## div ~r = 3, curl ~r = ~0,

div (~a ~r) = 0, curl (~a ~r) = 2~a.
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Definition 2.5 We call the nabla or del or Hamilton operator the vector differential
operator
~
~
~
k.
i+
j+
=
x
y
z
Proposition 2.3 (Properties of ) Let be a scalar field of class C 1 in D, let ~v be a
vector field of class C 1 in D and let ~s be a unit vector. We have:
(ii) div ~v = ~v ;
(iii) curl ~v = ~v ;
(iv)

d
= (~s ) ;
d~s

(v)

d~v
= (~s ) ~v .
d~s

Definition 2.6 We call the Laplace operator or the Laplacian the differential operator
=

2
2
2
+
+
.
x2 y 2 z 2

Remark 2.2 If is a scalar field of class C 2 in D and ~v = P~i + Q~j + R~k is a vector
field of class C 2 in D, then
2 2 2
+ 2 + 2,
x2
y
z
2
2
~v ~v 2~v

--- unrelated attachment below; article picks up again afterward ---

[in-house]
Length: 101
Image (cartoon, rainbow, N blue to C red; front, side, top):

+
+
,
~v =
x2 y 2 z 2
2P ~ 2Q ~ 2R ~ 2P ~ 2Q ~ 2R ~ 2P ~ 2Q ~ 2R ~
=
i+
j+
k+
i+
j+
k+
i+
j+
k
x2
x2
x2
y 2
y 2
y 2
z 2
z 2
z 2
= P ~i + Q ~j + R ~k.

Proposition 2.4 Let be a scalar field of class C 2 in D and let ~v be a vector field of
class C 2 in D. We have:
(i) div (curl ~v ) = 0;
(ii) curl (grad ) = ~0;
(iii) div (grad ) = ;
(iv) curl (curl ~v ) = grad (div ~v ) ~v .

Integral formulas

## Throughout this section, D R3 will be a domain.

Definition 3.1 Let ~v be a continuous vector field in D and let D be a smooth
surface in space. The flow (or the flux ) of ~v through the surface is the number
ZZ
=
~v ~n d,

## where ~n is a unit normal (vector) field to the surface .

Remark 3.1 If ~v = P~i + Q~j + R~k and ~n = n1~i + n2~j + n3~k, then the flow can be
expressed as follows:
ZZ
ZZ
(P n1 + Qn2 + Rn3 ) d =
P dydz + Qdzdx + Rdxdy.
=

## Thus, the flow is a surface integral of the first or second kind.

Remark 3.2 In mechanics, the flow could represent (for example) the amount of